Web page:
The Hawthorne Effect is cited by both business experts and psychology experts, but rarely in the same way. Some say it's real, some that it's real but misinterpreted, and then others that it doesn't exist and never has. It all started with an attempt to increase productivity at a factory in the 1920s, and we've been arguing about it ever since. What does it mean? You tell us.
The story of the Hawthorne Effect begins in the 1920s, when productivity studies began at the Hawthorne Works electrical equipment factory in Illinois. They continued for the better part of a decade, with investigators tweaking nearly every aspect of working life. They changed the break schedule, the length of the working day, even the climate conditions. The most famous segments of the Hawthorne Works project were the so-called Illumination Studies, where investigators brightened the lights in the factory. Productivity increased. They brightened them some more. Productivity increased. They brightened them yet again. Productivity increased. They dimmed the lights until the factory was darker than it had ever been before. Productivity increased.
There were few things that researchers did that could decrease productivity. Surprisingly, they found that one of the few things that did was a series of small pay raises, but soon found that the workers had gotten together and planned to decrease their productivity because they thought the combination of heightened productivity and a little extra cash for people meant that the higher-ups were going to fire some extraneous workers. Shortening the working day by too long decreased overall productivity as well, although hourly productivity increased with shorter hours. Mostly, according to the original interpreters of the experiments, it seems that any meddling caused productivity to go up.
For many scientists this was an example of the bias that comes from people's understanding that they are part of an experiment. No matter how much researchers might try to make experiments controlled, they can rarely control for the fact that the people involved know they are being experimented on. Business managers and practical psychologists took a different view - or rather a few different views. Some believed that the constant signs that they were being watched kept workers productive. Some thought that it was the knowledge that they were part of an experiment made workers feel that their job was important, and so they worked harder. Others thought that the change itself kept the day fresh. Elton Mayo, who was one of the people who coined the term, "The Hawthorne Effect," believed that the sympathy and communication that the researchers gave to the workers might have made them more productive.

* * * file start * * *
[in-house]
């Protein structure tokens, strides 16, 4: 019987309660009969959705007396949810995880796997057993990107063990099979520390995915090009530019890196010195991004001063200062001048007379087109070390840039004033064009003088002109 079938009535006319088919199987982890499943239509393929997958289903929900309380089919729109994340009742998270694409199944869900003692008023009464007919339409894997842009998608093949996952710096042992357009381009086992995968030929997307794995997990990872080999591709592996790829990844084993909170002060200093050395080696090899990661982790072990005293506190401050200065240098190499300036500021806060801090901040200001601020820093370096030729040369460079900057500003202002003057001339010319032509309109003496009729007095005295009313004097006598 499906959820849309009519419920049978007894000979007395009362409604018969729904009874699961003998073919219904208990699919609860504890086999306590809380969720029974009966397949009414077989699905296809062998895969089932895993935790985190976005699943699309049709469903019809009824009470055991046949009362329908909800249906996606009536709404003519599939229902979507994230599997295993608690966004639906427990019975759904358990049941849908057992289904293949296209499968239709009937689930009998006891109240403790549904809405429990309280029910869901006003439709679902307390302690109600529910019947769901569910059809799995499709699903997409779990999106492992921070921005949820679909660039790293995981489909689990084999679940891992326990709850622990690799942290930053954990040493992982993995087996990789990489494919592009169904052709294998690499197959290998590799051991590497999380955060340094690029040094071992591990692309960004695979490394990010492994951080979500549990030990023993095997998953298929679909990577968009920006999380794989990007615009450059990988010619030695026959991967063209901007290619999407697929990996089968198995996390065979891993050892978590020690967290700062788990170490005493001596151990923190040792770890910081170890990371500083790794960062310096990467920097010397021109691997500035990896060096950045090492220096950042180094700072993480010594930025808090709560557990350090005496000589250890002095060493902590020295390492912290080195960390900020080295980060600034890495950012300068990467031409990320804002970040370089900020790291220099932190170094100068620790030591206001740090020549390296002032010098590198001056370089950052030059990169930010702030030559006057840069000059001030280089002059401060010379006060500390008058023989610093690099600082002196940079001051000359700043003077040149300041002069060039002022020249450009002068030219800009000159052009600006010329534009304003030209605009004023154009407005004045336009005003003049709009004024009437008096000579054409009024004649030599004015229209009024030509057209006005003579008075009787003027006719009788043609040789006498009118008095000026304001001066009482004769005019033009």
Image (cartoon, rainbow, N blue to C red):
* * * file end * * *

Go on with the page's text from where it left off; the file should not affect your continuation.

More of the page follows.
Many modern researchers consider the Hawthorne Effect no more than a myth. There are quite a few problems with the study. For one thing, in some cases workers received productivity reports, and often worked towards known productivity goals, which may have influenced them more than the trivial changes in working conditions. As for the famous illumination studies, most of the data on them was lost or destroyed; they became more anecdotal than anything else. When a copy of the data was found on microfilm, analysts noted that the lighting levels were changed on Sunday, the day off for workers. Monday was more productive than the Saturday before. However, Mondays were always more productive than the final days of the last week, even if no changes were implemented. The jump in the output numbers was largely due to the day of the week, not the change in the conditions. The most famous result of the study may have been entirely fictitious.
Which was not to say that the study was necessarily useless. The long-term factory workers who had been there for the long years of the studies did improve their performance with much coaching and eight years of practice in making electrical equipment under many different conditions. And a lot of modern medical facilities implement Hawthorne-influenced policies in which they let workers know that they'll be keeping track of certain medical problems - for example, infection rates - and see a drop in infection and an increase in cleanliness protocols. When people know someone, somewhere, will be taking note, they are more apt to change their behavior. But if any random change or hint of watchfulness has an effect on workers, no one knows. If the Hawthorne Effect holds true, there are few ways to test it. What do you think?
Image: Thomas Tolkien